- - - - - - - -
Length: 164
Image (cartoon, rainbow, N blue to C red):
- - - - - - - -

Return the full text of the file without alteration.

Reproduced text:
Length: 164
Image (cartoon, rainbow, N blue to C red):